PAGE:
The idea with propensity score methods is to compare units who, based on observables, had very similar probabilities of being placed into the treatment group even though those units differed with regards to actual treatment assignment. If conditional on X, two units have the same probability of being treated, then we say they have similar propensity scores. If two units have the same propensity score, but one is the treatment group and the other is not, and the conditional independence assumption credibly holds in the data, then differences between their observed outcomes are attributable to the treatment.

In this tutorial, we aim to examine the effect of the mother smoked during pregnancy on birth weight of baby. Because the birth weight of babies who have the mother smoked on average are different from babies who have the mother does not smoke, we will use propensity score matching method to get more creditable casual estimates of smoking during pregnancy.

Variables:

- mbsmoke: the treatment variable - 1 if mother smoked.
- bweight: the outcome variable - infant birthweight (grams)
- married: 1 if mother married
- mage: mother’s age
- medu: mother’s education attainment
- fbaby: 1 if first baby

First, we need to load packages and data:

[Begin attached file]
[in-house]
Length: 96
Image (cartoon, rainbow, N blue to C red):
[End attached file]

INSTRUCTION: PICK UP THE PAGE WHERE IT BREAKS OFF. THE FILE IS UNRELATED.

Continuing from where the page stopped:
```
library(MatchIt)
library(dplyr)
```

```
##
## Attaching package: 'dplyr'
```

```
## The following objects are masked from 'package:stats':
##
## filter, lag
```

```
## The following objects are masked from 'package:base':
##
## intersect, setdiff, setequal, union
```

```
library(ggplot2)
birth_weight <- read.csv("C:/Users/DuyTung/Desktop/Birth_Weight.csv")
```

To view the first few records in the dataset

`head(birth_weight)`

```
## bweight mbsmoke mmarried mage medu fbaby
## 1 3459 0 1 24 14 0
## 2 3260 0 0 20 10 0
## 3 3572 0 1 22 9 0
## 4 2948 0 1 26 12 0
## 5 2410 0 1 20 12 1
## 6 3147 0 0 27 12 1
```

Let’s do a summary statistic that quantitatively describes main characteristics of variables in the data set.

`library(pastecs)`

```
##
## Attaching package: 'pastecs'
```

```
## The following objects are masked from 'package:dplyr':
##
## first, last
```

`stat.desc(birth_weight, basic=F)`

```
## bweight mbsmoke mmarried mage medu
## median 3.390000e+03 0.000000000 1.000000000 26.00000000 12.00000000
## mean 3.361680e+03 0.186126670 0.699698406 26.50452391 12.68957346
## SE.mean 8.495534e+00 0.005713167 0.006728658 0.08247237 0.03699661
## CI.mean.0.95 1.665528e+01 0.011200523 0.013191368 0.16168505 0.07253094
## var 3.350322e+05 0.151516173 0.210165822 31.57345507 6.35373311
## std.dev 5.788196e+02 0.389250784 0.458438460 5.61902617 2.52066124
## coef.var 1.721817e-01 2.091321920 0.655194375 0.21200253 0.19864034
## fbaby
## median 0.00000000
## mean 0.43795778
## SE.mean 0.00728274
## CI.mean.0.95 0.01427763
## var 0.24620380
## std.dev 0.49618928
## coef.var 1.13296145
```

```
birth_weight %>%
group_by(mbsmoke) %>%
summarise(obs = n(),
mean = mean(bweight),
std_error = sd(bweight)/sqrt(obs))
```

```
## # A tibble: 2 x 4
## mbsmoke obs mean std_error
## <int> <int> <dbl> <dbl>
## 1 0 3778 3413. 9.28
## 2 1 864 3138. 19.1
```

t-test

`with(birth_weight, t.test(bweight ~ mbsmoke))`

```
##
## Welch Two Sample t-test
##
## data: bweight by mbsmoke
## t = 12.971, df = 1303.3, p-value < 2.2e-16
## alternative hypothesis: true difference in means is not equal to 0
## 95 percent confidence interval:
## 233.6210 316.8827
## sample estimates:
## mean in group 0 mean in group 1
## 3412.912 3137.660
```